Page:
Appendicies

Appendix A

Appendix A - Technical Appendix

Technical Memorandum

Methodology for HHPLS P-Load Model Application to

Development of Subwatershed Rules under Performance-Based Management

Details how the MCWD 2003 Hydrologic, Hydraulic, and Pollutant Loading Study (HHPLS) modeling was used to develop the phosphorus load and annual water volume assumptions for this plan.  It also explains how Ultimate Development conditions were calculated.

Ultimate Land Use Models

Spreadsheets for the major receiving waters in the watershed, showing the 2000, 2020, and Ultimate Development modeled conditions and resulting lake response.  These models were used to calculate the phosphorus load reductions necessary to attain in-lake total phosphorus concentration goals.

Ultimate Volume Control Model 

Spreadsheets summarizing annual runoff data the HHPLS and Ultimate Land Use modeling.  The spreadsheets show the calculation of the estimated annual volume of runoff that could be expected under various infiltration scenarios – infiltrating the first 0.5?, 0.75?, 1.0? of runoff.  The purpose of this modeling was to determine how much of the new runoff volume that might be generated from new development could be captured on site through small-event infiltration, and how much new volume would run off.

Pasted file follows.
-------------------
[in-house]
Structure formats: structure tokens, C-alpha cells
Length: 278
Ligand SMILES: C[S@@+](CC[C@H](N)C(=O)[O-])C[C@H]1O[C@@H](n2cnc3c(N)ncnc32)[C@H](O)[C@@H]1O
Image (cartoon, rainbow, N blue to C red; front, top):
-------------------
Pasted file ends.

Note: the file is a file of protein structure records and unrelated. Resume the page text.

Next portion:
Technical Memorandum

MCWD Management Plan Revision

Calculation of Subwatershed Phosphorus Load Reductions

 

Explains how LGU expected phosphorus load reductions were calculated.

 

Technical Memorandum

MCWD Management Plan Revision

Subwatershed Phosphorus Load Reductions Compared to HHPLS

 

Explains how the LGU expected Phosphorus Load Reductions in this Plan compare to those considered in the HHPLS 

 


 

 

The 2003 MCWD Hydrologic, Hydraulic, and Pollutant Loading Study (HHPLS), through an extensive public input process, established lake water quality goals (later adopted by the Board) and identified strategies for reducing phosphorus in modeled lakes within the MCWD.  For many lakes one of the strategies was a phosphorus load reduction that could result from generalized application of BMPs in residential and other developed land uses across a subwatershed.  The expectation was that local governments could achieve these reductions through the application of various BMPs as opportunities arise.